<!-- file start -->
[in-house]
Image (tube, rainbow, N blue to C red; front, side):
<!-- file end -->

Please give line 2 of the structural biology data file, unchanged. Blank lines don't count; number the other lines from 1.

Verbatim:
Image (tube, rainbow, N blue to C red; front, side):